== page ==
10:29 PM GMT on October 11, 2011
Quoting CosmicEvents:
I'll take Skye's opinion as the last word, for now. Maybe in the off-season the NHC will change the designation. In the meantime, we know that Skye certainly has the knowledge on the subject, and she has the added advantage of actually being there and feeling the weather.


Even better was my location, as I was 5 miles as the crow flies from where the center actually made landfall at Port Canaveral/Cape Canaveral (as confirmed by the NWS Melbourne in a message I sent to them via Facebook). I live just across the Banana River in Merritt Island... I noticed a marked temperature rise as the center approached the coast. The temperature went from 70 degrees at 7pm to 78 at around 11pm or so. And when I looked up in the sky... the glare from the city lights along the coast showed a counter-clockwise rotation as it passed. And I had winds veer from NE-NNE at storm force, then winds went light (less than 10 mph) for a time, then veered around to the W, then WSW as the center passed just north of me. It is from my experience in the past that a temperature rise is common with a tropical system, not sure what the temps aloft were doing though.
Member Since: March 19, 2010 Posts: 0 Comments: 1147
193. wn1995
10:28 PM GMT on October 11, 2011
http://www.ssd.noaa.gov/goes/flt/t7/sloop-vis.html

Very, VERY nasty weather will be arriving in Mexico very shortly.
Member Since: July 17, 2011 Posts: 1 Comments: 207
192. Patrap
10:27 PM GMT on October 11, 2011
EP102011 - Hurricane JOVA

Storm Relative 1km Geostationary Visible Imagery


..click image for storm centered Loop




Member Since: July 3, 2005 Posts: 426 Comments: 128749
191. TampaSpin
10:26 PM GMT on October 11, 2011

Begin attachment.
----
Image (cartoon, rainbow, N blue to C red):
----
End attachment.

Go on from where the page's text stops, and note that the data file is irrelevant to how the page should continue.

I can't believe someone in the ConUs did not get one of these this year. Yes i know the season is not over but, it is on its way out now.
Member Since: September 2, 2007 Posts: 178 Comments: 20443
190. robert88
10:24 PM GMT on October 11, 2011
Quoting TampaSpin:



Mid Latitude is probably most likely and the reason why NHC did not step it up to a Storm of some type with a Name. True that even a Mid Latitude can bring the winds to the surface as we can see this over land during winter events.


Yes indeed...This is my take on 93L. It was a similar deal like the big curled up mid level latitude systems that spawned all the tornadoes this past spring. Dry air gets entrained into the system and sets off powerful T-storms. 93L just fed off the gulfstream over the ocean.
Member Since: May 22, 2010 Posts: 0 Comments: 907
189. washingtonian115
10:21 PM GMT on October 11, 2011
Yes!!.Jova is weakning rapidly!!
Member Since: August 14, 2010 Posts: 10 Comments: 17095
188. Skyepony (Mod)
10:21 PM GMT on October 11, 2011
Quoting TropicalAnalystwx13:

Yup.


If it was closed, it was a Subtropical storm, not an MCV.


MCV can be closed at the surface. They aren't nicknamed landcanes for being midlevel..

Subtropical storms come from ULLs that make it to the surface, extratropical storms & from Mesoscale lows. The later used to be caused a neutercane.


So if it was a Subtropical Cyclone what was it bore out of? & how long was it that before you think it should have been called a Subtropical storm & what about the Low reflecting on the surface of the GOM at the same time on Oceansat?.. 93L the tiny low was wrapped up in all that, then became the dominant low after landfall..Isn't that part of the definition of a MCC & it's MCV?